Wednesday, June 22, 2005


The Mysterious 1950 Crash of Flight 2501

By Linda Paige
June 20, 2005

Holland - In 1950, commercial aviation was still not a common way to travel.

That year on Friday, June 23rd, Northwest Airlines flight 2501 left New York on its way to Seattle. There were thunderstorms in the area when they reached the West Michigan shoreline. The crew made a radio call, asking to fly lower. That was the last anyone heard from the plane.

Newly married Jackie and Muryl Eldred remember that night. “The storm was really brewing when that plane went over the thunder and lightning it was terrible,” says Muryl.

Jackie says, “it sounded like he was having trouble, motor, it just kept a coming and coming and it seemed like it was getting lower and then all the sudden the motor stopped.”

By dawn the next morning it was clear that the plane had crashed, and an intense search of the lake began.

Larry Otto was a young ensign with the coast guard who helped with the search. He talks about his experience, “we were off Benton Harbor and we didn't find anything." After a couple of days, Larry says, "it came up it bubbled up and what we saw were seat cushions.”

Search teams only recovered small pieces of wreckage. There were no survivors.

At the time, this was the worst airplane disaster in history. Yet amazingly, it did not receive much press coverage. No one from West Michigan was on board, and it happened at the same time President Truman committed the country to fight in the Korean War.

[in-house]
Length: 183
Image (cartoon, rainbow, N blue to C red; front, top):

By July 4, 1950, most people in west Michigan had put the crash behind them. But interest in the crash is now increasing.

Solving the mystery of a commercial plane crash in Lake Michigan has become the mission of one prominent shipwreck researcher. Author Clive Cussler and sonar expert Ralph Wilbanks are famous for finding a submarine from the civil war off the coast of South Carolina.

Craig Rich, with the Michigan Shipwreck Research Associates says, "he keeps his eyes open for mysteries around the world that he can help solve.” And he sent Wilbanks to West Michigan to help.

Valerie van Heest, with the Michigan Shipwreck Research Associates says "in the month long time that Ralph Wilbanks was here searching we've covered about 20 square miles of bottom land off south haven.

As of now, so far no airplane."

So the mystery of the lost airliner continues. Clive Cussler will send Ralph Wilbanks back for another month-long search next spring.


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